All of this is an awful lot for anyone to hold and navigate - whatever their age. I don’t know how anyone really expected you to be in that situation. It’s a terrible situation to be in and to not be given any say in whether you felt ok about him moving in, considering what he’d done. I find it really shocking, actually, that your parents invited him to live with you all, knowing what he’d done.

Excuse my language, but I can’t think of a better way of saying it in this moment - him moving in with you, given all the circumstances, must have been a real head f*ck. And I think the various things you did (including perhaps some fawning) was you trying to try as many strategies as you could to just find a way to try to make sense of what had happened and, as successfully as you could, navigate the present situation you found yourself in. I’m sorry you had to deal with this.
 

Lilac98

Policy Enforcement
@barefoot he hadn't just come out of prison, we'd been seeing him for years. I think I was 19 when he came to live with us but mum has always seen me as more vulnerable and never trusted him cause he never thought he did anything wrong. When he was in prison he wrote a letter to my two sisters who he abused and they're the ones with mums support who got him put in prison. The prison wouldn't let him send it. We only found out about the letters after he died when my uncle was helping my nanny go through stuff. He was going to just get rid of it but told mum about it saying no one needs to read that crap and he read it so he knew what it said. Mum said she wanted to read it and told my two sisters about it and they didn't want to read it. Mum was then too scared to read it so got dad to tell her vaguely what he thought about it since he'd just read it on his own. Dad said to mum you won't like it.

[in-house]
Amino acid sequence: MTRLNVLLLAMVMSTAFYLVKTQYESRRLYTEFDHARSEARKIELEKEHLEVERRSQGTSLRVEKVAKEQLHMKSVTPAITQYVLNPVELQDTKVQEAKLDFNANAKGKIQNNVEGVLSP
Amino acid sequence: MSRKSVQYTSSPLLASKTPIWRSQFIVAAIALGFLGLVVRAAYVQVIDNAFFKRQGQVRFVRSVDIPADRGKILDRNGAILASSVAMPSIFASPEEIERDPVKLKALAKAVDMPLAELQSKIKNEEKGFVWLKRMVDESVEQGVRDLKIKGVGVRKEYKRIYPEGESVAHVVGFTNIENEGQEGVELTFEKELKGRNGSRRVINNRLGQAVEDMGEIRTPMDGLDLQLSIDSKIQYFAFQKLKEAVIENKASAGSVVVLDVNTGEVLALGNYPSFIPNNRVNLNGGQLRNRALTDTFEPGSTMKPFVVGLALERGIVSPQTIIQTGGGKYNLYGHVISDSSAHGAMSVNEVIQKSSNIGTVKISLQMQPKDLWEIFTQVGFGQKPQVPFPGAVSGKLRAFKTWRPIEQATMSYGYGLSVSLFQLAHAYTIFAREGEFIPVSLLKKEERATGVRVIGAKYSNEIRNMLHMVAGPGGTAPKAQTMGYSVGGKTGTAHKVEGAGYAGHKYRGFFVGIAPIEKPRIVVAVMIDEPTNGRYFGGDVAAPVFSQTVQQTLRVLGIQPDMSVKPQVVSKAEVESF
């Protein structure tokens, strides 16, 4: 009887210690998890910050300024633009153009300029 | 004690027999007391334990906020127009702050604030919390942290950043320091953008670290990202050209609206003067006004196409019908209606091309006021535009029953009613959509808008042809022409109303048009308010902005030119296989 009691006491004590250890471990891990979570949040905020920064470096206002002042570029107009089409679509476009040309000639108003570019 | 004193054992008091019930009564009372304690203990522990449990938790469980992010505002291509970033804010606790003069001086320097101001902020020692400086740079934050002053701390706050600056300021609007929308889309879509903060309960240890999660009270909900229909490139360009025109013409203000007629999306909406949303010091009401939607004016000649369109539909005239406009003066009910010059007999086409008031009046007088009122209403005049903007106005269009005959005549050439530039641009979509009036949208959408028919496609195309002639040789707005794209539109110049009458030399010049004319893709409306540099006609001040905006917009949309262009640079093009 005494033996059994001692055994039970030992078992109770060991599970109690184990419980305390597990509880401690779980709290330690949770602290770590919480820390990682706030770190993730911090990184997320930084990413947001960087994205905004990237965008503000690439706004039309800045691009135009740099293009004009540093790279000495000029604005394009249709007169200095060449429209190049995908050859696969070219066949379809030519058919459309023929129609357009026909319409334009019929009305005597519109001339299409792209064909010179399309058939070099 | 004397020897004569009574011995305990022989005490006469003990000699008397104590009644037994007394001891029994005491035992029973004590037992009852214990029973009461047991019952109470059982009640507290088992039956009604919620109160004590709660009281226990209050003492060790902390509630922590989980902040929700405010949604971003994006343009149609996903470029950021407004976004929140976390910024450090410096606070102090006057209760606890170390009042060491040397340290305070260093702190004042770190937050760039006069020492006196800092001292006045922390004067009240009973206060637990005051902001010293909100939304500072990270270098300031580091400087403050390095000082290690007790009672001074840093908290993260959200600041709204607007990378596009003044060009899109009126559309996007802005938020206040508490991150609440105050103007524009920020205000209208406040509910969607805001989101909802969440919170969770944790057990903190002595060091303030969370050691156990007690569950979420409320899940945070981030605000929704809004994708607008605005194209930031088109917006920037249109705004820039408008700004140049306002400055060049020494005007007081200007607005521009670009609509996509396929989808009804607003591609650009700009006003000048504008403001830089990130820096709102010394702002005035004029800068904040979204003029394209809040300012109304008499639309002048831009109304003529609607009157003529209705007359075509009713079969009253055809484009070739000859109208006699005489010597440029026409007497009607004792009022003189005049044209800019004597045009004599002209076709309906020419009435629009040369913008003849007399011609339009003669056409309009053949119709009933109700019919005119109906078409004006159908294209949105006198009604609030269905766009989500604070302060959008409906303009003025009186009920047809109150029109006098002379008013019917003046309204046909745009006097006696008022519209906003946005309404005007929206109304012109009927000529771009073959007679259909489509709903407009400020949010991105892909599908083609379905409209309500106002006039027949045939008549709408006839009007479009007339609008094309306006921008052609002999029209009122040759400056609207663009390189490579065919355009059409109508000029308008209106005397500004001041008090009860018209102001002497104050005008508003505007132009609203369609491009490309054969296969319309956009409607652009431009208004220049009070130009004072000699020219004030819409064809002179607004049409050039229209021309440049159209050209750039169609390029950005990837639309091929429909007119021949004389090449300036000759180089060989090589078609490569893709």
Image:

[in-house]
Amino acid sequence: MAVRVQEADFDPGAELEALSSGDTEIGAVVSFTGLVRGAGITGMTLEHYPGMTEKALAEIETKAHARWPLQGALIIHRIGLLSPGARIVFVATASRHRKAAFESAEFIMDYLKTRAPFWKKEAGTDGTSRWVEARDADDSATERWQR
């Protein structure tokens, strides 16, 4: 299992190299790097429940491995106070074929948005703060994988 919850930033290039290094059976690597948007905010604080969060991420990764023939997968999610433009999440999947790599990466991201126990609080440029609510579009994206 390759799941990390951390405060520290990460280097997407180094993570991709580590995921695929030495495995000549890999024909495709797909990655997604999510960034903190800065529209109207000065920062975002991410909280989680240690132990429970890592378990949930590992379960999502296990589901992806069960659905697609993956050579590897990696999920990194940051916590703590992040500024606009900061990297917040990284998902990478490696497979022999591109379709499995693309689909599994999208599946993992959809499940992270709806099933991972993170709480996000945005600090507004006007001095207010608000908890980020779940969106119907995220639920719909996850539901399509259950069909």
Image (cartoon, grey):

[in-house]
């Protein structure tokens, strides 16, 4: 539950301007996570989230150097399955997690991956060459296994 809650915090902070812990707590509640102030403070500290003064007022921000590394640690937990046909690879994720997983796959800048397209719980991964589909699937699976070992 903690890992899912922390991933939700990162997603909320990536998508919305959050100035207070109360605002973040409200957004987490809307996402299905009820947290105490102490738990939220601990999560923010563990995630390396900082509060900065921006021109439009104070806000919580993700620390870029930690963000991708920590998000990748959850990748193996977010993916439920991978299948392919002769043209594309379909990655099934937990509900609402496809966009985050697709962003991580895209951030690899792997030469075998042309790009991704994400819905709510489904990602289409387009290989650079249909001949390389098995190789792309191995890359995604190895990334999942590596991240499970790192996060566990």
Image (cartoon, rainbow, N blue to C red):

barefoot

Sponsor
To be honest, I don’t think it matters whether he moved in the day after he was released or 10 years + after he was released…he had gone to prison for sexually abusing your sisters, your mother thought you were vulnerable and she didn’t trust him…and yet your parents allowed him to move in knowing what he had done. I think that’s an awful lot for anyone to get their head around and try to navigate.
 

barefoot

Sponsor
@barefoot I was told to stay upstairs to keep me safe


Yes, I saw you say that before. But I think that’s quite hard in itself - you were given the responsibility to keep yourself safe from a convicted sex abuser. It was on you to hide yourself away upstairs in your own home. Somewhere that you should have been safe. But it wasn’t safe. Because your grandad was allowed to move in even though the people who let him in knew he had abused your sisters.

Stay upstairs so you’ll be safe…well, arguably, you would have potentially been safer if you didn’t still have to engage with him, and if he wasn’t then living in the same house as you.

I’m not saying this to bash your parents - I don’t know them and there may be other important contextual information that I’m missing.

I’m simply saying, there were a lot of mixed messages flying around (grandad’s not safe and not to be trusted and we think you’re vulnerable and at risk of being harmed, so you just live upstairs now, because we don’t think you’re safe…but even though we don’t trust him and think he’s dangerous and think you’re unsafe, we’ve decided to let him come and live here with us and you…) It doesn’t feel to me that your safety was prioritised here.

So, as I mentioned before, in that environment, I think you were just trying out different ways to help navigate a very strange and unpleasant situation,
 

Lilac98

Policy Enforcement
@barefoot mum said if she'd known about my incidents she wouldn't have let him live with us but I didn't remember it for years including when he lived with us and just made up excuses in my head at the time and just pushed it away and decided I didn't need to ever think about it again.